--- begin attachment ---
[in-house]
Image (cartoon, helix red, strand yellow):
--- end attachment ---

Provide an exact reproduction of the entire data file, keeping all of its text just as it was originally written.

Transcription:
[in-house]
Image (cartoon, helix red, strand yellow):